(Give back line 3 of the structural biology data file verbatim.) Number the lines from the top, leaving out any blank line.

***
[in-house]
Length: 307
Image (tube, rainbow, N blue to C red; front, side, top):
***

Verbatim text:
Image (tube, rainbow, N blue to C red; front, side, top):